"But tell me all about it," said Susano, 
for he remembered how he had saved the 
maiden in his dream. 

"There is a great monster who owns all 
this land," said the man. "He is a serpent 
eight miles long, and he has eight heads and 
eight tails. Each year, for seven } T ears, he has 
come and carried off one of our daughters. 
Now there is only this one, the youngest, 
remaining. We know that he will soon come 
and carry her away, too. Nothing can save 

Now Susano thought that so beautiful a 
maiden was too good for an eight-headed 
serpent, so he sat down and thought how he 
might save her. He sat by the river bank, 
under the feathery bamboo, and thought. 

The blue face of the river turned to red 
and gold. Then Susano knew that the sun 
had set, but he did not look up. The light 
faded and all was dark. He knew the stars 
were shining, for he could see their tiny 
points of light reflected on the smooth surface 
of the water. Still he could think of no plan. 


At last he said: "Morning thoughts are 
best. I will sleep now, and perhaps in the 
morning I can think of some plan."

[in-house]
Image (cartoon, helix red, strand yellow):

In the morning he was up with the first 
light of the sun. The old woman brought 
him food, but he ate nothing. He sat by 
the water's edge, under the feathery bam- 
boo, and thought and thought. 

Just as the sun was sinking again he went 
to the old man and woman. 

"Weep no more," he said. " I have thought 
of a plan to save your daughter. We will get 
up early in the morning and go to work, but 
to-night we will sleep, for we need rest." 

The next morning they were at work long 
before light. The old woman prepared a rich 
soup in eight huge kettles. Susano and the 
old man made a great wall, having eight 


* t ' 5 * &£:«*» 

gates in it. Before each gate they set a 
kettle of the soup. Then Susano bruised 
some leaves which he found by the river- 
side and put them in the soup. A delicious 
odor arose from each kettle of soup and 
floated over the mountains. 

Very soon they heard a great roar. ' ' Be 
quick ! Hide yourself ! " cried the old man. 
"It is the eight-headed serpent. He has 
smelled the soup and is coming to get some." 

With a noise like thunder the great serpent 
dragged himself over eight hills. His eight 
tails writhed along the ground or whipped